And to this day “Tu del mio Carlo al seno” and its cabaletta remain a showpiece for sopranos, not to mention the “Parea mi che sorto da lauto convito” that is a blockbuster showpiece for baritones. There is even a greater amount of splendid music for tenor, starting with the opera’s initial scene “O mio castel paterno” that creates the situation that will result in the brutal murder of the soprano.
Just now in Rome the tenor Carlo, yearning for his childhood home, was sequestered up on some sort of rolling scaffold on the side of the stage for this first scene (and most of the opera), but upon learning that his father has disinherited him he vowed to remain in a band of robbers who plunder the countryside (and in this production brutally rape women). The robbers rose magically on one of Teatro Costanzi’s famous full stage elevators and he agreed to become their leader.
Carlo (Stefano Secco) becoming leader of Verdi’s bandits
Meanwhile we learn that the baritone had deceived the tenor. The tenor had not been disinherited after all, he could in fact have renounced his dissolute life and returned home. The problem now becomes the tenor’s sworn loyalty to his band of robbers, not to mention that the soprano from his former upright life loves him. Unfortunately the conniving baritone wants to marry her. So there was a lot to sing about.
The metteur en scËne of this new production was popular 57 year-old Italian actor and voiceover artist (for dubbing films) Massimo Popolizio. Mr. Popolizio made his directorial debut only last year with Author Miller’s 1968 play The Price. Mr. Popolizio is said to have based his staging of The Bandits on the popular U.S. TV series Game of Thrones. Maybe this explains the several scenes of gratuitous gang rape. Unlike the well developed threads of Game of Thrones, Mr. Popolizio left Verdi’s admittedly worst libretto without a discernible story line. We will never know from Mr. Popolizio why Carlo (the tenor) murdered Amalia (the soprano) just after their ardent declaration of love.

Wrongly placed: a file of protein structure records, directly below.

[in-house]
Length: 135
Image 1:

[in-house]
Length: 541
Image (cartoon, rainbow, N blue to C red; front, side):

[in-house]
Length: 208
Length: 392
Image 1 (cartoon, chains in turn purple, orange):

It was an an evening about singing, not about theater. After overcoming quite deserved opening night nerves the mostly Italian cast sang stylishly. Unfortunately tenor Stefano Secco (San Francisco’s 2014 Pinkerton) as Schiller’s questionable hero Carlo did not deliver the opening scene with sufficient pizazz to impress the audience which, despite his intense and eloquent (though small scale) delivery of the third act, awarded him vociferous boos at the final bows.
Twenty-nine year old ingenue diva Roberta Mantegna, a recent graduate of Rome Opera’s new young artist program, negotiated Amalia’s treacherous outpourings with knowing aplomb, belying the fact that this was her debut in a major role on a major stage. Additional maturity of voice will add effect to her Amalia.
Francesco (Artur Ruci?ski) beginning “Parea mi che sorto da lauto convito”
Polish baritone Artur Ruci?ski, San Francisco Opera’s recent Germont, gave an impressive account of the repentant Francesco’s big scene, his fine diction finding its intimacy rather than its bravura. The role of Massimiliano, Carlo and Francesco’s feeble father, was competently delivered by ubiquitous bass Ricardo Zanellato.?
Conductor Roberto Abbado exhibited little affection for early Verdi, and had no patience for attempting ensemble in the extended scenes with the male chorus.
Cast and production information:
Massimiliano:†Riccardo Zanellato; Carlo:†Stefano Secco; Francesco:†Artur Ruci?ski; Amalia: Roberta Mantegna; Arminio:†Saverio Fiore; Moser:†Dario Russo; Rolla:†Pietro Picone. Orchestra and Chorus of the Teatro dell’opera di Roma. Conductor: Roberto Abbado; Metteur en scËne: Maurizio Popolizio; Set designer: Sergio Tramonti; Costumres: Silvia Aymonino; Lighting: Robert Venturi. Video:†Luca Brinchi and Daniele SpanÚ. Teatro Costanzi. Rome, January 21, 2018
product_title=I masnadieri in Rome
product_by=A review by Michael Milenski
product_id=Above: Roberta Mantegna as Amalia, Carlo Secco as Carlo [All photos copyright Yasuko Kageyama courtesy of Teatro dell’Opera di Roma]